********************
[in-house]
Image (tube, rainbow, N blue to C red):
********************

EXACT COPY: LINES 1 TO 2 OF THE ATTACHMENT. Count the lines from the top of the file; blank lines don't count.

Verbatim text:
[in-house]
Image (tube, rainbow, N blue to C red):